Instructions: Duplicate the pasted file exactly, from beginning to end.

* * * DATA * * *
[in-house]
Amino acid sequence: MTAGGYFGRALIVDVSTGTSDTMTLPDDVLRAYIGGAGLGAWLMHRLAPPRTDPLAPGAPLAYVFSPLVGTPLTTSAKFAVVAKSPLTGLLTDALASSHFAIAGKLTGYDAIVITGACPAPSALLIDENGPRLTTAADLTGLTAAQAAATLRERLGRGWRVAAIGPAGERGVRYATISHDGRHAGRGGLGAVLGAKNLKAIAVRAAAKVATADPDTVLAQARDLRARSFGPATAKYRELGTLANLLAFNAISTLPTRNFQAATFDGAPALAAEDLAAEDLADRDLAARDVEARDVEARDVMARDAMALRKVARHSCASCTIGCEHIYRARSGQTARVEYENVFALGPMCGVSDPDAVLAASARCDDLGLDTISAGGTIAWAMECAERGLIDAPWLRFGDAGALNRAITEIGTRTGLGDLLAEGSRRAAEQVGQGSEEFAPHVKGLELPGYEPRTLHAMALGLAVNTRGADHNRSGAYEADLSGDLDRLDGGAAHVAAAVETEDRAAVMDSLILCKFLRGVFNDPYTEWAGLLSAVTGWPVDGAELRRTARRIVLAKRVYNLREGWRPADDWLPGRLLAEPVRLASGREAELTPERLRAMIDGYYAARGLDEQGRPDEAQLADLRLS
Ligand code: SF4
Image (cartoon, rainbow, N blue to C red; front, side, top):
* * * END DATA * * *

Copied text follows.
[in-house]
Amino acid sequence: MTAGGYFGRALIVDVSTGTSDTMTLPDDVLRAYIGGAGLGAWLMHRLAPPRTDPLAPGAPLAYVFSPLVGTPLTTSAKFAVVAKSPLTGLLTDALASSHFAIAGKLTGYDAIVITGACPAPSALLIDENGPRLTTAADLTGLTAAQAAATLRERLGRGWRVAAIGPAGERGVRYATISHDGRHAGRGGLGAVLGAKNLKAIAVRAAAKVATADPDTVLAQARDLRARSFGPATAKYRELGTLANLLAFNAISTLPTRNFQAATFDGAPALAAEDLAAEDLADRDLAARDVEARDVEARDVMARDAMALRKVARHSCASCTIGCEHIYRARSGQTARVEYENVFALGPMCGVSDPDAVLAASARCDDLGLDTISAGGTIAWAMECAERGLIDAPWLRFGDAGALNRAITEIGTRTGLGDLLAEGSRRAAEQVGQGSEEFAPHVKGLELPGYEPRTLHAMALGLAVNTRGADHNRSGAYEADLSGDLDRLDGGAAHVAAAVETEDRAAVMDSLILCKFLRGVFNDPYTEWAGLLSAVTGWPVDGAELRRTARRIVLAKRVYNLREGWRPADDWLPGRLLAEPVRLASGREAELTPERLRAMIDGYYAARGLDEQGRPDEAQLADLRLS
Ligand code: SF4
Image (cartoon, rainbow, N blue to C red; front, side, top):